The problem with laws and focus is that they're written down. In spoken English, the way to mark focus is stress and intonation, but these things are not recorded in written English.

Thursday, April 24, 2008

I was gonna get a fishing/hunting license in Montana

... but now it seems like too much of a risk.

link added: appellate review

I've added a link to appellate review, an interesting-looking blog that tracks and summarizes disagreements among the circuit courts on how to interpret statutes.

Found via Statutory Construction Blog.

Friday, April 18, 2008

Loughlan on "theft" of intellectual property

Via Lawrence Solum's Legal Theory Blog, Patricia Louise Loughlan's short paper on a topic I've blogged before - whether copying CDs (etc.) is theft, but it's really more about the discourse of it.

Her position:

"The insulting and inflammatory language of theft... reduces a difficult policy debate, with significant economic and cultural consequences, to a crude and simplistic moral drama. “How do you tell the good guys from the bad guys”?"

Interestingly (and this is me thinking now, not Loughlan), my intuition is that the anarchist concept of theft - as in, "property is theft" - is more appropriate to intellectual property than tangible property. That's because anarchists object to the removal of goods from the public domain, where they can be enjoyed by all, into the private sphere where others are deprived of them. That removal is more contemptible in the case of easily reproducible intellectual property than in the case of tangible goods, because it deprives many more people of the good. A tangible good in the public sphere can only be in one place at any given time, so there are limits on how many people can enjoy it. Reproducible intellectual property could be used by many people in different places at the same time.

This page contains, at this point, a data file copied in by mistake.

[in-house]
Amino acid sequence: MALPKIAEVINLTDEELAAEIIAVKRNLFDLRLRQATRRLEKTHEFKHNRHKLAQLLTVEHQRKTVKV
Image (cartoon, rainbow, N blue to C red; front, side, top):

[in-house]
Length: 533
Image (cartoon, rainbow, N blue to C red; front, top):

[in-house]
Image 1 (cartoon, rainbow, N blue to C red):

Thursday, April 17, 2008

Contradictionary: Law and Economix

Law and Economix. n. The result of combining conventional concepts from two disciplines that depend on wrong assumptions about human nature and whose main purposes are social control rather than knowledge or justice.

Prescriptive note: One should use "economix" rather than "economics". This evokes the "Asterix" series of fantasy cartoons, as well as all those silly legal words ending in "-ix", such as "executrix" and "prosecutrix", not to mention "prolix".

Alligator with alligatrix
[Hat tip to Brian for this joke]

Contradictionary: Legal Fiction

Legal Fiction. n. A proposition known or believed to be false, but presented as true for the purpose of determining the outcome of a legal proceeding or deriving a legal principle of general applicability. Roughly the judicial analogue of what would be called "fraud" if done by private individuals.